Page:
|Page 1 of 5:||    |
|Index||45 reviews in total|
Douglas Kennedy's perplexing novel THE WOMAN IN THE FIFTH has been
further contorted by writer/director Pawel Pawlikowski for the film of
the same name (aka La femme du Vème). If the viewer has read the novel
then the confusion of the story will not be as surprising as it is to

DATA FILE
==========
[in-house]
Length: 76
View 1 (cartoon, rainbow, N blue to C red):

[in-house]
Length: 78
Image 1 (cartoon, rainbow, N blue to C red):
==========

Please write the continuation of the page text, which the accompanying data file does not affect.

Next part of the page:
the novice viewer. In many ways this is a brilliant cinematic
exploration of the fragility of the human mind, how events of the past
can influence the manner in which we attempt to reconstruct a viable
present. But in other ways this is a film that refuses to tell a story
that is logical and will leave many viewers with some serious head
scratching by movie's end.